Namcha Barwa from the west, from Zhibai observation platform
|Elevation||7,782 m (25,531 ft)
|Prominence||4,106 m (13,471 ft)
Tibet Aut. Reg.
north of McMahon Line
Namcha Barwa Himal
|First ascent||1992, China–Japan expedition|
|Easiest route||SSW ridge on rock, snow and ice|
Namcha Barwa or Namchabarwa (Tibetan: གནམས་ལྕགས་འབར་བ།, ZYPY: Namjagbarwa; Chinese: 南迦巴瓦峰, Pinyin: Nánjiābāwǎ Fēng) is a mountain in the Tibetan Himalaya. The traditional definition of the Himalaya extending from the Indus River to the Brahmaputra would make it the eastern anchor of the entire mountain chain, and it is the highest peak of its own section as well as Earth's easternmost peak over 7,600 metres.
Namcha Barwa is in an isolated part of southeastern Tibet rarely visited by outsiders. It stands inside the Great Bend of the Yarlung Tsangpo River as the river enters its notable gorge across the Himalaya,  emerging as the Dihang and becoming the Brahmaputra. Namcha Barwa's sister peak Gyala Peri 7,294 metres rises across the gorge 22 km to the NNW.
Namcha rises 5,000 to 6,800 metres above the Yarlung Tsangpo. After 7,795 metre Batura Sar in the Karakoram was climbed in 1976, Namcha Barwa became the highest unclimbed independent mountain in the world, until it was finally climbed in 1992.
Frank Kingdon-Ward described in the 1920s, "a quaint prophecy among the Kongbo Tibetans that Namche Barwa will one day fall into the Tsangpo gorge and block the river, which will then turn aside and flow over the Doshong La [pass]. This is recorded in a book by some fabulous person whose image may be seen in the little gompa [monastery] at Payi, in Pome. " (126-7)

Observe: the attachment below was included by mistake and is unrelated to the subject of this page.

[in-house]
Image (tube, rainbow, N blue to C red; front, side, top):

Namcha Barwa was located in 1912 by British surveyors but the area remained virtually unvisited until Chinese alpinists began attempting the peak in the 1980s. Although they scouted multiple routes, they did not reach the summit. In 1990 a Japanese-Chinese expedition reconnoitered the peak. Another joint expedition reached 7460m in 1991 but lost member Hiroshi Onishi in an avalanche. The next year a third Japanese-Chinese expedition established six camps on the South Ridge over intermediate Nai Peng (7,043m) reaching the summit October 30. U.K. Alpine Club's Himalayan Index lists no further ascents.
- Neate, Jill (1990). High Asia: An Illustrated History of the 7,000 Metre Peaks. Seattle: Mountaineers Books. pp. 1–4;14–15. ISBN 0-89886-238-8.
- "A river´s bend -- Trip to Yarlung Zangpo Canyon". CCTV-International. Retrieved 2013-10-19.
- Namjagbarwa Mountaineering Map (1:50,000), Chinese Research Institute of Surveying and Mapping, China Mountaineering Association, 1990, ISBN 7-5031-0538-0.
- High Asia digital elevation models
- American Alpine Journal 1993, pp. 279-280.
- Neate, 1990, op. cit..
- "Namcha Barwa". American Alpine Journal (Boulder, Colorado: American Alpine Club) 33 (65): 285. 1991. Retrieved May 19, 2011.
- Tsuneo Shigehiro. "Japan China joint expedition to Namcha Barwa 1992". Retrieved May 19, 2011.
- "Shigehiro, 1992, op. cit.".
- "Himalayan Index". London: Alpine Club. Retrieved May 18, 2011.
- Chinese expedition in the 1980s
- U.S. Army Map Service (1955). Namcha Barwa, NH 46-12 (Map). 1:250,000. http://www.lib.utexas.edu/maps/ams/china/txu-oclc-10552568-nh46-12.jpg. Retrieved 2011-06-08.